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Late-Breaking Science preview: Monday, Nov. 13


 

 

Analyses of landmark, practice-changing trials will pepper the three late-breaking science sessions.

Late-Breaking Science 2

The Late-Breaking Science 2 session will focus on prevention and will include analyses from the two most illuminating and perhaps practice-changing trials presented this year, FOURIER and CANTOS. REVEAL, another large and important trial of 2017, also spawned a subanalysis in this deep-diving session at 9:00 a.m.-10:15 a.m.:

Dr. Marc P. Bonaca of Brigham & Women’s Hospital in Boston Bruce Jancin/Frontline Medical News
Dr. Marc P. Bonaca
  • REAL-CAD: This study evaluated the prevention of cardiovascular disease with pitavastatin 1 mg/day or 4 mg/day in patients with stable coronary artery disease followed for 3-6 years. In the REAL-CAD (Randomized Evaluation of Aggressive or Moderate Lipid Lowering Therapy With Pitavastatin in Coronary Artery Disease) trial, presented by Takeshi Kimura, MD, of Kyoto (Japan) University, the primary endpoint was the occurrence of cardiovascular death, nonfatal MI, nonfatal cerebral infarction, or unstable angina.
  • REVEAL: Presented in August at the European Society of Cardiology Congress (ESC), the primary results of REVEAL (Randomized Evaluation of the Effects of Anacetrapib Through Lipid-Modification), a multicenter, pivotal trial with more than 30,000 patients treated for about 4 years, showed that patients treated with anacetrapib had a statistically significant 9% decrease in major coronary events, compared with placebo-treated controls. The analysis to be presented at AHA by Martin Landrey, MD of the University of Oxford, England, examined the effects of anacetrapib on the incidence of new-onset diabetes and on vascular events in people with diabetes.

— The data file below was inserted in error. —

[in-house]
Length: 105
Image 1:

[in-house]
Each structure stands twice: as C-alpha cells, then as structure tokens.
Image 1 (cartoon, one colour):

Dr. Paul M. Ridker of Brigham and Women’s Hospital and professor of medicine at Harvard Medical School, both in Boston Frontline Medical News
    Dr. Paul M. Ridker
  • FOURIER: This blockbuster trial in more than 27,000 patients showed that the PCSK9 inhibitor evolocumab significantly improved cardiovascular outcomes in high-risk patients already on statin therapy and has already started spawning important subanalyses. Two will be presented in this session. First, Marc P. Bonaca, MD, of Brigham & Women’s Hospital in Boston, will present outcomes in patients with peripheral artery disease. Second, Marc S. Sabatine, MD, also of Brigham & Women’s, will present the clinical benefit of evolocumab in patients with a history of MI.
    Dr. Marc S. Sabatine of Brigham & Women’s in Boston
    Dr. Marc S. Sabatine
  • CANTOS: The findings of CANTOS (Canakinumab Anti-Inflammatory Thrombosis Outcome Study) stunned the cardiovascular world and piqued interest in their oncology colleagues. “These data provide the first proof that inflammation inhibition in the absence of lipid lowering can improve atherogenic outcomes and potentially alter progression of some fatal cancers,” declared Paul M. Ridker, MD, of Brigham and Women’s Hospital and professor of medicine at Harvard Medical School, both in Boston, at ESC. In CANTOS, the fully human monoclonal antibody canakinumab, which targets IL-1B, reduced the risk of recurrent cardiovascular events by 15% in a very-high-risk population, compared with placebo, while cutting incident lung cancer by 67%.